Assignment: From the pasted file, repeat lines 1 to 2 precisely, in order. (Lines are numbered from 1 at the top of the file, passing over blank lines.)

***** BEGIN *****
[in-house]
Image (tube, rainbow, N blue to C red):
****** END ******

[in-house]
Image (tube, rainbow, N blue to C red):